E!: Let's talk about the finale itself. Explain the significance of the scene in which Sylvia and Grace talk a stroll through Central Park alone. It was easy to miss but so important.
LR: On that walk I learn about—there's a reason we don't see it all—but she told me about, the conversation that's happened with Jonathan's mother. For Grace there are so many moments of doubt and so many things that continue to evolve, but that phone call with the mother is massive. And I find out about it and then she knows I have history with the prosecutor. And so they link arms and share this information with a bit of a plan for when Grace is going to go on the stand. It's a conversation that happens where a lot still remains unspoken. I don't believe that when we go into the courtroom that day I know for sure what's going to happen. But it's the beginning of laying out that path and putting those pieces in place for that moment to be possible.
E!: When you read the script, did you have an inkling as to who did it?
LR: You know, as she says, "It's always the f--king husband!" And of course she's talking about a different husband at that point, but I think in Sylvia's book husbands are guilty until proven innocent—just as a rule.
When he comes to her and she finds out, she's not thinking, "Oh, and I bet he's also killed someone." But I do think then as the penny starts to drop she's like, "Oh, I do know there's a lie." I think it's a real heartbreak for her too. There's a moment in the courtroom early on where I am reporting back to Grace over the phone about how it's going, and there was a look that happened between Sylvia and Jonathan that was heartbreaking because it was saying both, "Listen, I'm watching you and I know that you lied."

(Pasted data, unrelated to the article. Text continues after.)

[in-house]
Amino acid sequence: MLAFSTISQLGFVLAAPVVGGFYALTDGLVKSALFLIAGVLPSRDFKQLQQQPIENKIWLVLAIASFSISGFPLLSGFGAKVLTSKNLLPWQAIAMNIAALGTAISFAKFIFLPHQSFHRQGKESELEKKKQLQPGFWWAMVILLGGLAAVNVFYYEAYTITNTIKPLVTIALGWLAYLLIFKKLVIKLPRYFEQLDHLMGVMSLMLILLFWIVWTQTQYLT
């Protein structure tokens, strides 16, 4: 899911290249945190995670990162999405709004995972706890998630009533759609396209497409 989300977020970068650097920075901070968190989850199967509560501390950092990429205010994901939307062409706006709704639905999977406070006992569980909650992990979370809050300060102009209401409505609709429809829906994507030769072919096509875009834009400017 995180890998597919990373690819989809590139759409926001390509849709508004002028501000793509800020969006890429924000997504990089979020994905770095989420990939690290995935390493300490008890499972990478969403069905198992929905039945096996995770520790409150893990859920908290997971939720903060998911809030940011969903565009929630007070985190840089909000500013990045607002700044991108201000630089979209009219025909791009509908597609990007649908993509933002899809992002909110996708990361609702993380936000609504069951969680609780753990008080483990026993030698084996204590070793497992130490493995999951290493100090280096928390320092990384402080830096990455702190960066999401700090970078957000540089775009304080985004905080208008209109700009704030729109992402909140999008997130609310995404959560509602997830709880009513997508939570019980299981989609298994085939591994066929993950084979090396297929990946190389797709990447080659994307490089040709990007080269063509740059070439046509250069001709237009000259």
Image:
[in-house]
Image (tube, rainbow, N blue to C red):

But it's also, "Please let this not be true, please let this not be true. I have loved you too." And I don't mean romantically. Theorists who think we slept together, we didn't. But, "I've loved you because you're extended family and please, please don't be one of the horrible ones." And then he's the worst of the worst.
E!: Everyone wanted to know whether Sylvia and Jonathan slept together. Viewers felt so passionately about that.
LR: I understand why. Also, female friendship is so complicated and clearly a lot of people have their eye on their best friend, maybe it's from personal experience of being betrayed. But I want to honor the fact that the truth of their relationship is the flip of that coin, which is the beautiful part of female friendship, when there is no one who will look out for you or be by your side more. And that is ultimately what this is.
E!: Grace's coats got so much attention. But Sylvia also wears this stunning, dreamy cream-colored Max Mara coat. Tell us about her fashion and the differences in their style.
LR: Grace's fashion is iconic and specific and outside of the world of the rest of these women. Even the colors, it makes me think of dark fairy tales. While not like Grace's, Sylvia's was different from the rest of these women too and very specific. That Max Mara coat was our entry point and I do get like five to 10 texts about that coat everyday. It was the first thing we chose. We didn't even have time to do a fitting. I basically ran to set on my first day, met Signe [Sejlund], the costume designer, and we had a rack of camel and beige and cream and white gorgeous coats. We both saw that one, our eyes landed on it, and that was the one. I also think I took the sunglasses that she was wearing, I was like, "Those are so chic!" ‘Cause she's incredibly chic. We were flying at that moment but it all worked out. It set the specific tone of Sylvia's wardrobe.
The Undoing is now streaming on HBO Max.